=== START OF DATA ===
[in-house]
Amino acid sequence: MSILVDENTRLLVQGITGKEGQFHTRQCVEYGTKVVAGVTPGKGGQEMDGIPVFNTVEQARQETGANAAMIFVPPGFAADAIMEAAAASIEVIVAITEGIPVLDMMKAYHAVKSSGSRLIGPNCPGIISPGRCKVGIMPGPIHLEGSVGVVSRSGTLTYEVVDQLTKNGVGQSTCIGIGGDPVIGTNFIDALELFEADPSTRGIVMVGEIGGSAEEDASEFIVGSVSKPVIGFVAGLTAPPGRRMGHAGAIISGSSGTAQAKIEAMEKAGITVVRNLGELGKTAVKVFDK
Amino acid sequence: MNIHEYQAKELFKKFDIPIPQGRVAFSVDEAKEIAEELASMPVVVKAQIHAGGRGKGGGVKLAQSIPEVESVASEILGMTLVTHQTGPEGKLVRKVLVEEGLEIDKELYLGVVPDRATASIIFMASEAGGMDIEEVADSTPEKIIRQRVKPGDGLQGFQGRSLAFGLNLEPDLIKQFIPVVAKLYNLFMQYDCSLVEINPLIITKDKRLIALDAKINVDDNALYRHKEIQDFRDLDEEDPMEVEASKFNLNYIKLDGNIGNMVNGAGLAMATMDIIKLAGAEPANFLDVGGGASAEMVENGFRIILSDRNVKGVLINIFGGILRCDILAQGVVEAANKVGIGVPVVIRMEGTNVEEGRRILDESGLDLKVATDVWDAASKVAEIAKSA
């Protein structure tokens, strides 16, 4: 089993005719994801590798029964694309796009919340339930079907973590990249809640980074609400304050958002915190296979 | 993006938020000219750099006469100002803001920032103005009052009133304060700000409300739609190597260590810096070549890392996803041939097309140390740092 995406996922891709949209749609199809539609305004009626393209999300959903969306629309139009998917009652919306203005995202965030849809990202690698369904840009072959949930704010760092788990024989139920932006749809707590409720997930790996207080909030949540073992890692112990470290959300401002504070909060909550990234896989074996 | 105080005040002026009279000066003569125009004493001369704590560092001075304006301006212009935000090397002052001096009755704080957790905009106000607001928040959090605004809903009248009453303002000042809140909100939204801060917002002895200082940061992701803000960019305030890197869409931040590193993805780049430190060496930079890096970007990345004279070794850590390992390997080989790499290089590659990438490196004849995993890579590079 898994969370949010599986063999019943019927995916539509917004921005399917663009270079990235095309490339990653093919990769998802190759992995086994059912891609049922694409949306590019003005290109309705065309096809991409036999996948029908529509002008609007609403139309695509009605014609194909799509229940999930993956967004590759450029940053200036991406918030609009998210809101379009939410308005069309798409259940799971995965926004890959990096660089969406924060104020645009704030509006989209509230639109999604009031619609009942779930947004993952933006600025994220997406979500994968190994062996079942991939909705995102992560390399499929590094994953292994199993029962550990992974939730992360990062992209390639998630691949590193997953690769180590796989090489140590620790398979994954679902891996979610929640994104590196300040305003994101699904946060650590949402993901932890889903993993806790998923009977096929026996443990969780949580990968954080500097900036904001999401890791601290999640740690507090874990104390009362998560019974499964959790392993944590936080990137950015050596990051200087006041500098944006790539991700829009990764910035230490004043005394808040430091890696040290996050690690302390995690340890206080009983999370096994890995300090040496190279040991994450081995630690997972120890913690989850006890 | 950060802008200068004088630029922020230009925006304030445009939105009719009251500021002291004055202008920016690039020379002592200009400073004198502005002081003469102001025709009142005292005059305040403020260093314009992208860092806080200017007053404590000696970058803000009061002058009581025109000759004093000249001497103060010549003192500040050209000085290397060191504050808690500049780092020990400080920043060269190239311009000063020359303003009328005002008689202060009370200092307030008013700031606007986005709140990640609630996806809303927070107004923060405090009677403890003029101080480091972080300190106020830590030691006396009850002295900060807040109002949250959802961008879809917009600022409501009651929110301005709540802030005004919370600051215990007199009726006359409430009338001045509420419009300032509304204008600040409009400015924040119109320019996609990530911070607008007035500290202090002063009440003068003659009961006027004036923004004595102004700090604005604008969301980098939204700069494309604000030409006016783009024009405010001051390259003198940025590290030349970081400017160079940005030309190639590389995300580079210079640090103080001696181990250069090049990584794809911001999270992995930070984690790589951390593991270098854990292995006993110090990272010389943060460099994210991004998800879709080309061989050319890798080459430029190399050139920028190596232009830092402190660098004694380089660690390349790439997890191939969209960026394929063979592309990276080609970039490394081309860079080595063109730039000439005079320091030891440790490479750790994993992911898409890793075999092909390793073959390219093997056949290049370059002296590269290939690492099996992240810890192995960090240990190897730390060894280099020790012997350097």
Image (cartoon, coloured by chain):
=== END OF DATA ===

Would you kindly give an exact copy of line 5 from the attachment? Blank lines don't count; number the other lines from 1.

Image (cartoon, coloured by chain):